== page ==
Pastors often don’t want to use the method of coaching because they perceive it as remedial. As a result, they picture that going to their congregation or session and saying, “I’ve engaged a coach to help me in leadership” that they will be then perceived as, ‘I’m doing something wrong, I’m not very good at my job, I’m really on the edge here ... I need somebody who’ll help me shore up the things that I don’t do well so that maybe I can skate by.” That’s often people’s perception of coaching, and it is the antithesis of what coaching is supposed to be.
Coaching is about identifying strengths and building upon them. It’s about using strengths in the best available way. The best business leaders, athletes, singers, and high performers in general all use coaches not because they’re doing things wrong, but because a coach helps them enhance their performance. Coaching, therefore, is developmental — it is not remedial.
Gary Collins, one of the gurus of Christian coaching, gives these 8 reasons why anyone would want a coach. I see great applicability for anyone in ministry. Here's what he writes when he answers the question, "Why would anybody want a coach?"
To get unstuck
To build your confidence
To expand your vision
To fulfill your dreams
To unlock your potential
To increase your skills
To move through transitions
To take practical steps toward your goals
The best evidence that a mentoring model is working ultimately has to be the effect. One of our Ministry Advantage Pastors recently wrote to us and said:
“This coaching experience has changed my ministry in so many positive ways, and I cannot thank you enough for making it possible for me to have this amazing opportunity. My conversations with my coach have been so helpful. He is encouraging, yet challenging as he helps guide me through the steps of transition. He provides great insight, and he is willing to share his experiences (positive and negative) in his efforts to help me become a better pastor and leader in my church and my community. While the coaching has been such a tremendous help to my ministry, the materials from Ministry Advantage have been a game-changer. For the first time in our church’s 35 year history, we have a clear plan. We know what we are trying to accomplish, and we have a plan as to how he hope to make it happen. I cannot put a price on the value of this experience. It has truly changed my ministry, which has changed our church, which will change our community, and in turn, our little part of the world!” Pastor Brian Newell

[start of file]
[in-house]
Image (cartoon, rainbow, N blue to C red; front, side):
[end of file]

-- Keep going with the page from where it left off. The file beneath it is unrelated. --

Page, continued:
For some brief video stories of the effects of what I believe is a biblical mentoring model, just click the link to a four-minute video on Coaching that you might find helpful, insightful, and encouraging: click here.
Pastor Newsletter Archieves
Click to read past articles --->
Praying for Peace And It Does Not Come--->
What Pastors Should Look For in a Safe Relationship--->
Turning a Little Criticism into Major Carnage--->
Why Smart Pastors Stumble--->
When You Don’t Know What To Do, Find Someone Who Does--->
A Biblical Mentoring Model--->
When Ministry Knocks You Down--->
Introverts in Ministry--->
Should Pastors Repent Publically?--->
Guilt Producing Questions Pastors Secretly Ask Themselves--->
Saving Your Family Without Killing Your Ministry--->
Eight Healthy Ways To Respond When People Leave Your Church--->
When You’re Challenged, How Do You Respond?--->
Making the Move from Conflict to Cooperation--->